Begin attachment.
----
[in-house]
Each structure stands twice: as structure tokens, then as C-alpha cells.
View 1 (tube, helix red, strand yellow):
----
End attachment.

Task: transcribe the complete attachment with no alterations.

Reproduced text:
[in-house]
Each structure stands twice: as structure tokens, then as C-alpha cells.
View 1 (tube, helix red, strand yellow):